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Lawmakers Set Priorities For Protecting Kids From Educational Predators

Noah Coffey

After a number of high profile teacher sexual misconduct cases and a low ranking on a national “teacher conduct” scorecard -- state lawmakers formed a committee to recommend a plan of ways to protect Indiana children from sexual predators.

Now, the committee has a set  recommendations it hopes will become law.

Lawmakers say tougher measures could protect Indiana children from predatory school employees.

Under new recommendations, educators convicted of certain felonies would automatically lose their licenses.

The department of child services would be required to notify schools of employees involved in active cases. And every district would need to background check every employee every five years.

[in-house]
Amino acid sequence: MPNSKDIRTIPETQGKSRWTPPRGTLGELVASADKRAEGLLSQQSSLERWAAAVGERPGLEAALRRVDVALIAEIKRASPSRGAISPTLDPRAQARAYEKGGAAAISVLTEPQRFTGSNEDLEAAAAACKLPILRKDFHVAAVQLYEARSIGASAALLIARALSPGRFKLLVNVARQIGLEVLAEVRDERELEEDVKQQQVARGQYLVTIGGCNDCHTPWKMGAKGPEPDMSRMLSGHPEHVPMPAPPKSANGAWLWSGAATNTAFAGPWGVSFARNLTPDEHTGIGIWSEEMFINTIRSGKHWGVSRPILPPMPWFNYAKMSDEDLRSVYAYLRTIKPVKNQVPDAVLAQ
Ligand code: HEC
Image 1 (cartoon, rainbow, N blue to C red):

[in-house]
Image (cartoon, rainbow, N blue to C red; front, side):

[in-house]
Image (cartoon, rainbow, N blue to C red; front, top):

Rep. Bob Behning (R-Indianapolis) says continued checks on the same people are necessary.

"Sometimes that some of these offenses don't get reported back to district. You have a lot of movement around," says Behning.

Current law requires background checks for fully licensed staff, like teachers and principals, once when they're hired.

Lawmakers will present these recommendations next session.

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